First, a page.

Spectrum Bridge announced a partnership with Plumas-Sierra Rural Electric Cooperative & Telecommunications (PSREC) and Google to launch the nation's first smart-grid wireless network trial using unlicensed TV white space spectrum--the unused TV broadcast channels made available by the transition from analog to digital TV.
The electric co-op, whose service area includes the Sierra Nevada Mountains, chose white space spectrum to find more efficient ways to manage its supply-and-demand of electricity, improve SCADA (system control and data acquisition) with substations and provide broadband Internet access to underserved areas.
"Plumas, Lassen and Sierra Counties are located in the Sierra Nevada Mountains and present some very technical challenges with respect to wireless coverage," said Lori Rice, COO of PSREC. "The ability to use white space has proven to be an effective option for dealing with difficult terrain and offers another option for wireless connectivity."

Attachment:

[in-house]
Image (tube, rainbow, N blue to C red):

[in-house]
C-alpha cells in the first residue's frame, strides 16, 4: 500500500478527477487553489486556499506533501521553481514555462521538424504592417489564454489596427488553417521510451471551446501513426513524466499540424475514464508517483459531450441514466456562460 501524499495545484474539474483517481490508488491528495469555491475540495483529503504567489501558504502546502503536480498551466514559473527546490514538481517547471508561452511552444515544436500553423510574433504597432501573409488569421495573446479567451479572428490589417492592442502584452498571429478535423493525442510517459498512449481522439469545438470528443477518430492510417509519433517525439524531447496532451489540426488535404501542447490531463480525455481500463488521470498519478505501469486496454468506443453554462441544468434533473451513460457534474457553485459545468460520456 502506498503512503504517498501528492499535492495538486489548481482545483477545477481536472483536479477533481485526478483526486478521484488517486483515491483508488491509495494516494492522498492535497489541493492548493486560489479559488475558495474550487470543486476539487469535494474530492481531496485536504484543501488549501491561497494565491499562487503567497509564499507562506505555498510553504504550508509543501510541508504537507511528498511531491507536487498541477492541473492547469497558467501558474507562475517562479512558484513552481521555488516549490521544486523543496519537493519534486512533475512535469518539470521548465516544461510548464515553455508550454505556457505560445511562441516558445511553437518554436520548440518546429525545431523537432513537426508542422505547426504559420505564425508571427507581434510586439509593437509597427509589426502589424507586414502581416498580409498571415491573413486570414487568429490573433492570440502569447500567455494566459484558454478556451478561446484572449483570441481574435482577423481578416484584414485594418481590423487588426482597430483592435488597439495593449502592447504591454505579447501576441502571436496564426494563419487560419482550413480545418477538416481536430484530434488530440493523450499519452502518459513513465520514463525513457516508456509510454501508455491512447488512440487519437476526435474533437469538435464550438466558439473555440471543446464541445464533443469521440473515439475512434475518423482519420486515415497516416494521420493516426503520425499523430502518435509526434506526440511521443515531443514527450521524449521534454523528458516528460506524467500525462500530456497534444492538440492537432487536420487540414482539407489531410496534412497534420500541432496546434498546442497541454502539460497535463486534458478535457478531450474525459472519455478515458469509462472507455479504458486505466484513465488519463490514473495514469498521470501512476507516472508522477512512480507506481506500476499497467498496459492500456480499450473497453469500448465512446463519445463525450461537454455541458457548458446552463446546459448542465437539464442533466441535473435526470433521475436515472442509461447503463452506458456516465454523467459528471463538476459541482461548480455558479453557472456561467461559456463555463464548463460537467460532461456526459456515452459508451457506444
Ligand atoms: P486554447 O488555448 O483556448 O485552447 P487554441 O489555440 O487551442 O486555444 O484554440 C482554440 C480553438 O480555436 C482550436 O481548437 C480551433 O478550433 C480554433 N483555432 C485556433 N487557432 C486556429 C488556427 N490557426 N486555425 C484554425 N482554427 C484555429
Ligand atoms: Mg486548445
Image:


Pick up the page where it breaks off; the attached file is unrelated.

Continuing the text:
PSREC currently employs a wide variety of wireless solutions across multiple frequency bands, but still faces challenges in some areas due to difficult terrain. Spectrum Bridge has already demonstrated white space's ability to provide non-line-of-sight connectivity.
In addition, PSREC has also deployed Google's PowerMeter technology, an energy monitoring tool that helps consumers save energy and money using information provided by a smart meter. Spectrum Bridge, which has built experimental white space networks to demonstrate broadband connectivity as well as the smart city concept, said this system will operate using its white spaces database to dynamically assign non-interfering frequencies to white space devices.
The FCC, which has declared white spaces as an essential piece to achieving broadband connectivity in rural areas, is expected to make some moves on white space rules this year, including the establishment of white space databases from a number of providers.
- see this release
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